http://www.nationalcomfortinstitute.com/

    You say you are not sure the freon is properly charged. Is it your job to be sure of that, or the tech's? I think that you should be working with a company you can trust, rather than trying to second guess them. Those other steps you say were not done, you have a legitimate thing to discuss with your AC company, just do it. Perhaps ask for the manager rather than the installing tech.

    I think it best to work as much as you can with the original AC company, there must have been some good reason you chose them. Sometimes you can get the AC manufacturer to work with you and that company to try to get a quality install. Even if you have to go to a 2nd AC company to set things right, you gotta do what you gotta do.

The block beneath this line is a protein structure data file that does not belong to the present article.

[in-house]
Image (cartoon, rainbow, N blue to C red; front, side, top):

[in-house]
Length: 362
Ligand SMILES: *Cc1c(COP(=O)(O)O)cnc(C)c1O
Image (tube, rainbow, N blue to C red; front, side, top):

Best of luck -- Pstu

    P.S. On this board you can edit your post if you want, rather than adding a second one right after.

  5. #5
    Hi mjk_na,

    Thanks for your reply.

    As for the size/capacity, I believe it's enough and properly slightly oversized. I have a two-bedroom condo at the third (top) floor with 1100 sq.ft. and the system is a two-ton (24,000BTU) system. I got free esitimates from about 5 contractors, and they all quotes the same size.

    The system was first started around 2:30PM when outdoor temp was 91F (the highest temp of the day, after that it slowly decline to 90, 88 and 87 by 5:30PM), and the target temp is set to 75F and indoor temp was 85F. Do you think this is normal for a new system?

  6. #6
    Join Date
    May 2000
    Location
    Indianapolis, IN, USA
    Posts
    34,472